Mark Drakeford insists he is 'up to the job' as Welsh Labour launch election campaign

Watch the video report by ITV Wales Political Correspondent Owain Phillips

The First Minister has said he is "absolutely committed" to being the next leader in Wales insisting his government needs to "complete the job" of leading the country through the pandemic.

In an interview with ITV Wales, Mark Drakeford said this May's election will be fought while the "pandemic is still with us" and admitted the job has been a "tough" one.

On the day he launched his party's election campaign with a pledge of a job, a college or university place, training or self-employment for every person under 25, Mr Drakeford said he wants the time to put his party's "radical agendas" into practice once the pandemic is over.

"I think our ambitions will appeal to a very wide set of people in Wales, however people think the crisis has been handled", he said.

Mark Drakeford launched his party's campaign on Thursday morning

"I set out to be the leader of the Labour Party with a radical agenda for things I wanted to see happen here in Wales. That agenda has had to be set to one side while we've dealt with the crisis. I am absolutely committed to being the First Minister to lead Wales forward and to put radical ideas into practice."

On the challenges that the last 12 months have brought in his role, Mr Drakeford admitted is has been a "tough job", and said if elected for the next term, he will step aside for the following election.

He said, "I will be there if Labour is elected to lead the new government, to set us on this radical ambitious journey with a group of people who you can trust in government. And then, the time will come beyond the next term for somebody else to take my party into that election."

The party has made a pledge of a job, a college or university place, training or self-employment for every person under 25. Credit: PA

During his campaign launch, Mark Drakeford said the Young Person's Guarantee would include 125,000 new apprenticeships across Wales.

It is one of six pledges being made by the party as it launches its election campaign with the hope of winning an overall majority in the Senedd for the first time since devolution in 1999.

Welsh Labour has 29 of 60 seats in the Senedd and has formed an administration with the support of the sole Liberal Democrat MS Kirsty Williams, who is education minister, and independent MS Dafydd Elis-Thomas, as deputy culture minister.

It will also be the first election in which 16 and 17-year-olds and legally resident foreign nationals will be allowed to vote in Wales.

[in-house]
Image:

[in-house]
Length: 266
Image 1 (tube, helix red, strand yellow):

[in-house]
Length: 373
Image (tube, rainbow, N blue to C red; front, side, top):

Mark Drakeford launched Welsh Labour's election campaign with a pledge for young people Credit: PA

Following the launch, Conservative leader Andrew RT Davies MS claimed Labour have "run out of ideas."

“The pandemic has exposed what 22 years of Labour Government has done to Wales and it’s clear they’ve run out of ideas.

“Labour broke the majority of their 2016 election promises to the people of Wales and there’s no reason to believe this time will be any different. 

“They’ve failed to deliver the M4 relief road, A55 upgrade, metro systems and better paid jobs for our people. In short, when Labour make a promise to the people of Wales they inevitably break it.

“Our communities can’t afford another five years of same old Labour. Only the Welsh Conservatives will deliver change and build a better Wales, with more jobs, better hospitals and first class schools.”

The Welsh Conservatives and Plaid Cymru responded to the Labour party election launch Credit: PA

Plaid Cymru Shadow Minister for Health Rhun ap Iorwerth said, “Much like their hapless campaign launch, Labour’s twenty years in power has been marred by delays, failures and a policy of demanding patience whilst they manage problems rather than solve them.

“Labour have had two decades to deliver fair wages for health and care staff and a plan for the future of the Welsh NHS. It is only now when they need the support of the Welsh people that they stumble into action.

“Labour are incapable of devising their own policies let alone delivering them. It’s been almost a year since Plaid Cymru affirmed our commitment to a minimum wage of £10 to care workers and have demanded a medical school for the north of Wales for the past six years.

“The choice facing the people of Wales in May is between another Labour health policy promise or Plaid with health policy delivered.” 

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